B) manages, directs and supervises the data and information, financial management, the administrative procurements, and different managerial and directive rules and strategies. Moreover, it helps to develop administrative management, builds up enhanced performance measures, manages mechanism and eases redundant burdens on the public. The largest constituent of OMB is the four resource management offices; namely, office of information and regulatory affairs, office of federal procurement policy, the office of federal financial management, and office of e-government and information technology. Other wide support offices of OMB are office of general council, office of legislative affairs, the budget review division and legislative reference division.
Federal Enterprise Architecture (FEA) is the subdivision of OBM federal government and it was emerged in response to a legislation called, “Clinger-Cogen Act of 1944”. This provided a common methodology for information technology acquisition in the United States federal government. It also instructed the federal agencies to develop a master plan for integrating technologies, managing information technology, and measuring and reporting performance. FEA is established so that businesses’ performance could be improved and agencies could implement their core missions in an enhanced manner; FEA helps to achieve these goals. Moreover, through FEA the information and resources are easily shared across federal agencies which not only reduce the costs but citizen services are also enhanced.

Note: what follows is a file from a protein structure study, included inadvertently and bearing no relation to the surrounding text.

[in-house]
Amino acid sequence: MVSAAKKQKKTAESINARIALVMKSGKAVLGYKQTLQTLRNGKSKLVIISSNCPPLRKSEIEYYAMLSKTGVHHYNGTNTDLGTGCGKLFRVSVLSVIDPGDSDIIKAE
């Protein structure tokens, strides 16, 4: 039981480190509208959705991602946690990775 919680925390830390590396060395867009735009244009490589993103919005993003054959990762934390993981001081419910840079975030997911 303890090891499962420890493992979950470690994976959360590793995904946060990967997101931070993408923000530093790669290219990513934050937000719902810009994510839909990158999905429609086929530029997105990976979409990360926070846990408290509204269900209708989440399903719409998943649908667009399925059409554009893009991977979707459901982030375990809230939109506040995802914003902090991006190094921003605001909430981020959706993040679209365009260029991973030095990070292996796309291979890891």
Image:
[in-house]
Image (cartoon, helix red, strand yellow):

FEA is built using five different models; performance reference model, business reference model, service component reference model, data reference model, and technical reference model. These models help to develop a common taxonomy and ontology that describes the IT resources elaborately. These models can be enabled using different modeling tools that would help to align the enterprise architecture. Some of the Federal enterprise